The People’s Building at 18 Broad Street was Charleston, South Carolina’s first “skyscraper.” At the time, many residents saw the building as a sign of progress. Others, however, were afraid it would ruin Charleston’s skyline. But President William Howard Taft, who viewed the city from the top of the building during its opening in 1911, said: “I don’t believe that it did ruin the skyline; if it did, the view from up here makes it worth it.” The People’s Building is still all about the views!
The first two floors of the building are faced with Winnsboro granite, while the upper floors are faced with buff-colored brick and terra cotta. (When the building first opened, people came just to ride the steel frame elevators.) The nine-story building is constructed of concrete and steel and rated as fireproof. As of now, an art gallery, law firms, and businesses occupy the first four floors; the top five floors house seven private residences.
This lavish two-floor penthouse is located on the entire eighth and ninth floors of this historic building. The penthouse features approximately 8,363 square feet of luxuriously appointed interior living space with three bedrooms and thee full and one half bathrooms. The main level features an open grand salon and living room, paneled formal dining room, gourmet kitchen with double islands, family room, library, and a 1,500-square-foot master suite. An elegant staircase leads to the second level, featuring two guest bedroom suites, den, billiard room, and another kitchen. Lavish details throughout the home include Turkish Limestone floors, two fireplaces, dozens of picturesque arched windows and exquisite custom light fixtures. There is also a 3,200-square-foot private rooftop terrace and garden. In addition, the penthouse comes with three private and gated off-street parking spaces.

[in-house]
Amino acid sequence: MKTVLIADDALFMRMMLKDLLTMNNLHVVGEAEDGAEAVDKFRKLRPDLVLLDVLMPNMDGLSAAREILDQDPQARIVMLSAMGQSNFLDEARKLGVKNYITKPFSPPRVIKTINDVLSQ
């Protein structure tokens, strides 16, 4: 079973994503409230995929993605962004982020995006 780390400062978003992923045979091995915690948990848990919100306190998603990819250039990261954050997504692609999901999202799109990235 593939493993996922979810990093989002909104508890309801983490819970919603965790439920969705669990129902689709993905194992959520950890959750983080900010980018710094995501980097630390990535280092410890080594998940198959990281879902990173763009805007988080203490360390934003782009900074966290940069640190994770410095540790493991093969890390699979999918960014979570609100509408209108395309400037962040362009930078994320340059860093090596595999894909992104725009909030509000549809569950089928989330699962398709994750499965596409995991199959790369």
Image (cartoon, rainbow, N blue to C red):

Monique Gibson—an acclaimed designer out of New York who has designed homes for Elton John, Jon Bon Jovi, Meg Ryan, Conan O’Brien, and other celebrities—was tapped to help the owner create a special home out of the raw space. When the interior designer first saw the space, it was raw—mainly gutted concrete and steel. Together, they conceived a space that would be intimate for small gatherings, yet able to host hundreds for parties and events, as the philanthropic homeowner frequently does. It is formal, yet very inviting and comfortable living space. The renovation took four years, and the result is an elegant, exclusive, and sophisticated home with breathtaking and unique views atop the highest point in the city. This property is truly one-of-a-kind in historic downtown Charleston.